• I think successful use of Twitter means knowing how to tune the network of people you follow, and how to feed the network of people who follow you.
  • You have to tune who you follow. I mix friends who I know IRL (“in real life”) and whose whereabouts and doings interest me, people who are knowledgeable about a field that interests me, people who regularly produce URLs that prove useful, extraordinary educators, the few who are wise or funny.
  • When it comes to feeding my network, that comes down to putting out the right mixture of personal tweets (while I don’t really talk about what I had for lunch, the cycles of my garden, the plums falling from my tree, my obsession with compost and shoepainting do feature in my tweetstream), informational tidbits (when I find really great URLs, that’s when Twitter is truly a “microblog” for me to share my find), self promotion (when I post a new video to my vlog share the URL – but I do NOT automatically post everything I blog on smartmobs.com), socializing, and answering questions.

Perhaps reciprocal altruism can transform the reliance on a small number of people to transform thinking and behaviour. George Siemens (4,016 tweets) links to this Onion post about ‘the four or five guys who pretty much carry the whole Renaissance’.

Just as I was concluding this post I received Stephen Downes’ OLDaily that contained an apology:

December 20, 2009

Better Late Than…
———————————————————————————–
Well – there’s a first. Though I wrote some posts on Friday, I actually forgot to publish the newsletter and send the emails. First time ever. So, here it is, a couple days late, but intact. Enjoy.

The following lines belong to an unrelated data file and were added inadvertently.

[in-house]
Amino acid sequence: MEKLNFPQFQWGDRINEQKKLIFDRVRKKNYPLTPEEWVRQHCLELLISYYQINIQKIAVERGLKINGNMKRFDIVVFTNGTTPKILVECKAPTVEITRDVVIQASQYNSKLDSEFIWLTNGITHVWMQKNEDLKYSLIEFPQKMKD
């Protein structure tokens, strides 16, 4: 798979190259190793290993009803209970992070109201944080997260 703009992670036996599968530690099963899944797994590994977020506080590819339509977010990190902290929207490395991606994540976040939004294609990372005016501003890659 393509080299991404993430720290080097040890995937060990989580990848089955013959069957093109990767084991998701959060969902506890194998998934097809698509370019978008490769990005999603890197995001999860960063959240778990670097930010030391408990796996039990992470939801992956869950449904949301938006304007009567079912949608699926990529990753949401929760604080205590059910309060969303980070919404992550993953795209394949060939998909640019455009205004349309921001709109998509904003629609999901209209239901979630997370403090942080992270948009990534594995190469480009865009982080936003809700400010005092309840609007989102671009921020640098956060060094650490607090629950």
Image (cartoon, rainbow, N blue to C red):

Stephen’s news is an important marker in my day and usually initiates the sharing that Tom Davenport extols. His news arriving was a great end to a day of thinking about learning and sharing. I am off to read Seth Simonds’ post Bye with a Warmly Huggs.

Photo Credit

Nature and Technology

Hidden Treasure Explored


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Rose Holley Innovative Ideas Forum 2009: National Library of Australia

I have been tardy in writing this post! Whilst getting ready to write I read Katie’s delightful write up of the Forum. I thought her post exemplified the energy the Forum created and drew upon. Just as I was writing this I received an #iif2009 tweet about the availability of the podcasts from the day.

Rose Holley, Manager of the Australian Newspapers Digitisation Program, National Library of Australia, presented the final talk of the morning at the Innovative Ideas Forum 2009. Her talk was entitled “Enhancement and Enrichment of Digital Content by user communities: The Australian Newspapers experience”

Katie and the podcasts will help me as I left the Forum after Rose Holley’s talk. I did follow up her talk in her Many Hands Make Light Work: Public Collaborative OCR Text Correction in Australian Historic Newspapers report available here.

rose-holley_000

What I enjoyed about Rose’s presentation was her careful discussion and acknowledgement of the work of a small team (6 members) at the NLA responsible for delivering a remarkable project. My principal take home message from Rose’s talk was the power of community involvement in the enhancement process. A secondary one was her delightful discussion of the tag fog potential of tag clouds.

I thought Rose did an outstanding job at the end of a morning of illustrious speakers. Her humour and her profound knowledge made the time fly by. Her report provides all the detail included in her presentation and I recommend it to you.

I left the Forum highly impresed by the ideas shared and the possibilities that arise from social networks. I will follow up the iif2009 links on Slideshare too.